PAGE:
[Show abstract][Hide abstract] ABSTRACT: The implications of caring for a child with cerebral palsy (CP) are considerable, and parents have to cope with many changing demands related to the specific needs of their child. A new research field, devoted to the consequences of these caring tasks, has recently emerged. However, an overall vision is lacking, one that would enable us to understand how research is evolving and the relevant data that should be taken into account when planning interventions with these families. In this paper, we review the literature on the effects of caregiving on parents of children with CP, and summarize the factors related to these effects. A systematic search of online databases was performed and further studies were identified based on the reference lists of selected articles. Forty six articles that met the inclusion criteria were analysed. The review shows that caregivers of children with CP tend to have high levels of stress and depression and lower quality of life than parents of healthy children. We identify child behaviour and cognitive problems, low caregiver self-efficacy and low social support as factors that are consistently related with higher levels of stress and depression. The implications of these findings are discussed, especially those related to interventions that should be addressed to the family as a whole and which should aim to enhance parents’ competence and resources to better cope with the demands of the caring task.
Journal of Developmental and Physical Disabilities 10/2013; 25(5). DOI:10.1007/s10882-013-9332-6 · 1.56 Impact Factor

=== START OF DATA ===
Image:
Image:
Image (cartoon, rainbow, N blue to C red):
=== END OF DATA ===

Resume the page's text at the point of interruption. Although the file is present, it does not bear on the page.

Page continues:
"Cerebral Palsy (CP) affects at least 2 in 1,000 children born in Western countries  and this number might increase as perinatal deaths and intrapartum injuries have been decreasing, leading to growth in the survival rate of premature babies , . CP significantly impacts motor performance, leading to deficits in muscle force generation and increases in muscle stiffness so that gait is marked by slow speed and disturbed motor control . "
[Show abstract][Hide abstract] ABSTRACT: We are designing a pediatric exoskeletal ankle robot (pediatric Anklebot) to promote gait habilitation in children with Cerebral Palsy (CP). Few studies have evaluated how much or whether the unilateral loading of a wearable exoskeleton may have the unwanted effect of altering significantly the gait. The purpose of this study was to evaluate whether adding masses up to 2.5 kg, the estimated overall added mass of the mentioned device, at the knee level alters the gait kinematics. Ten healthy children and eight children with CP, with light or mild gait impairment, walked wearing a knee brace with several masses. Gait parameters and lower-limb joint kinematics were analyzed with an optoelectronic system under six conditions: without brace (natural gait) and with masses placed at the knee level (0.5, 1.0, 1.5, 2.0, 2.5 kg). T-tests and repeated measures ANOVA tests were conducted in order to find noteworthy differences among the trial conditions and between loaded and unloaded legs. No statistically significant differences in gait parameters for both healthy children and children with CP were observed in the five "with added mass" conditions. We found significant differences among "natural gait" and "with added masses" conditions in knee flexion and hip extension angles for healthy children and in knee flexion angle for children with CP. This result can be interpreted as an effect of the mechanical constraint induced by the knee brace rather than the effect associated with load increase. The study demonstrates that the mechanical constraint induced by the brace has a measurable effect on the gait of healthy children and children with CP and that the added mass up to 2.5 kg does not alter the lower limb kinematics. This suggests that wearable devices weighing 25 N or less will not noticeably modify the gait patterns of the population examined here.
PLoS ONE 09/2013; 8(9):e73139. DOI:10.1371/journal.pone.0073139 · 3.23 Impact Factor